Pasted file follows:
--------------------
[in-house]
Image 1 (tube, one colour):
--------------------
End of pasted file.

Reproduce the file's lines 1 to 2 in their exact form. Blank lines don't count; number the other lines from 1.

[in-house]
Image 1 (tube, one colour):